• We need to be a fellowship of the ministers and elders of our churches who care deeply about excellence in faithful ministry to the Word.
  • We need to look forward to our gatherings – at Presbytery and Synod levels – as opportunities for soul-feedings and not gamesmanship.
  • We need to return to biblical discipline that is both timely and focused on repentance and reconciliation, not punishment and isolation.
  • We need the strong pulpits that characterized the times of Robert Murray McCheyne; pulpits that preach the Word both by mouth and manner of living.

Let us heed McCheyne’s instruction so that we pray, “Lord, do in me first what I am asking you to do in this congregation. Apply the preaching to my life that I am seeking to have applied to this people whom you have given me.” That is my prayer for my service to you.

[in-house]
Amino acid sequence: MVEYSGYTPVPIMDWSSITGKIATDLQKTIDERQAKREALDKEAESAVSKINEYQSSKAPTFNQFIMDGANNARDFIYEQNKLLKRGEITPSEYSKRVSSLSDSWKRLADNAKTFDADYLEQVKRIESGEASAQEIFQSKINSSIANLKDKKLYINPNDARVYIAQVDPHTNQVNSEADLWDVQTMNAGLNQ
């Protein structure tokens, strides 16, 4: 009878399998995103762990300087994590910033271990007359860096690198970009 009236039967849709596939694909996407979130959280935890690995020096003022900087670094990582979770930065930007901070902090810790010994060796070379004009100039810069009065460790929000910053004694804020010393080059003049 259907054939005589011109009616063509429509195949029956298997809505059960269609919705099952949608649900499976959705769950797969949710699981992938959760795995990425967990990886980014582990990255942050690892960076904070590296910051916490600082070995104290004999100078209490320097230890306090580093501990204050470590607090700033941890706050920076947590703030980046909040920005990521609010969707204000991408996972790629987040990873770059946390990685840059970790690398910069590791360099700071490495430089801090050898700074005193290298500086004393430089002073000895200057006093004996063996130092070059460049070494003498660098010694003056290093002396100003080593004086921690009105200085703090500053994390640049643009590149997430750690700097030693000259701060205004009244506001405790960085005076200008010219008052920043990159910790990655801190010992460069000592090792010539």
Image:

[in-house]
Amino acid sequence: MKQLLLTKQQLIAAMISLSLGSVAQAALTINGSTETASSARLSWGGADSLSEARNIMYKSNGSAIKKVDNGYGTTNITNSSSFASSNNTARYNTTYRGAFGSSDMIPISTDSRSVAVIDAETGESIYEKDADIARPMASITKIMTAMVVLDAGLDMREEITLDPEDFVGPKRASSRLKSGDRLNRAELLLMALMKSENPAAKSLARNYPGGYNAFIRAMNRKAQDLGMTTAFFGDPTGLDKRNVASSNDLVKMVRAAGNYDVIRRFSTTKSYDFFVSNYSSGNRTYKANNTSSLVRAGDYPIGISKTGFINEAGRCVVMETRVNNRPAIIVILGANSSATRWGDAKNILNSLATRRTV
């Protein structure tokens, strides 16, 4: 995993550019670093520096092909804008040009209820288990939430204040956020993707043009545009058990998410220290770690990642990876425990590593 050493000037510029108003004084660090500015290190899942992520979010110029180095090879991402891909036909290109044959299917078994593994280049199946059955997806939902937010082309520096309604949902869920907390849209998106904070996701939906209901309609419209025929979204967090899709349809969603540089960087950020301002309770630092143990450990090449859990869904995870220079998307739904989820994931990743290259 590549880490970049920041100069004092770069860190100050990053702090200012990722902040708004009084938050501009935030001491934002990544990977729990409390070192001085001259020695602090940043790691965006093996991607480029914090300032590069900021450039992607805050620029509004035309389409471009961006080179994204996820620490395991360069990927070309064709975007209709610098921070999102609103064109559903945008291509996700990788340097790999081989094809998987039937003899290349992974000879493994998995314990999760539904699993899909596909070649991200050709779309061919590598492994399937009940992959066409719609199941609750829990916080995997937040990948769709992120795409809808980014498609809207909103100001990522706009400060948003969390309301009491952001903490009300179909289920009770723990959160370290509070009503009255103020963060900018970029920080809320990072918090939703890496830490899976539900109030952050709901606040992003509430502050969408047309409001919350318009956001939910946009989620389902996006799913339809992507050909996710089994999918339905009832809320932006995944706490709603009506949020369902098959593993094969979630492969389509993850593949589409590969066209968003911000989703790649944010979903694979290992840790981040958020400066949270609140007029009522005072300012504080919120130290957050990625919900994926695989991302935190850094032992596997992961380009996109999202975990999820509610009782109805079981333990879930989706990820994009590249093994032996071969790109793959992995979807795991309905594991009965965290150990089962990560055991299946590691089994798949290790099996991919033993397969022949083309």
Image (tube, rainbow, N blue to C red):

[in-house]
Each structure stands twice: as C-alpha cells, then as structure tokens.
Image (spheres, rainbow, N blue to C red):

Everything under the lordship of Jesus Christ: The theme the Moderator chose for his 2012-13 year of service. “This is not just a slogan; it’s a reality,” Dr. Suits said. “He is Lord!

“We need not try to determine how to put everything under his lordship; everything is under the lordship of Jesus Christ. Will I recognize his lordship in my service to his kingdom as it is embodied in the ARPC? I pray I will.”

As a member of a ‘sister’ denomination, the thought occurred to me that perhaps those of us in the PCA, or the OPC, or the EPC, or whatever acronym your faith group might use, perhaps consideration

 

Don K. Clements is a Teaching Elder in the PCA who serves as an Associate Evangelist with PEF, focusing on encouragement to smaller churches. He also serves as the voluntary News Editor of The Aqulia Report